At this point you might start pointing out examples of a bunch of guys who’d just made things up as they went along and became gazillionaires. But the truth is, you’re not them and for every bunch of guys who did became gazillionaires by just making things up there are hundreds, if not thousands, of other guys who failed miserably and whom you’ve never heard of.

Why is having a plan so important?

A plan, or product design, allows you to communicate with the team about what it is you are building in a consistent way. The human brain is a funny organ. It seems to fill in the gaps that where missing or it has the ability to swap out one thought for another without realising it did so.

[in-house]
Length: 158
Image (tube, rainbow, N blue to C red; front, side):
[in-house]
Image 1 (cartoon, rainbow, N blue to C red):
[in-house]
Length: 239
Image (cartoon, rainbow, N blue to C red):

When you have a meeting with the team about the product and you don’t write things down, the following will happen; After the meeting everyone goes their merry way and later when it is time to work on what was discussed in that meeting, not only will you not have all the details ready to actually start work but everyone involved will have a slightly different recollection of what was discussed and everyone will therefore have slightly different expectations. A discrepancy that will be amplified by the passage of time.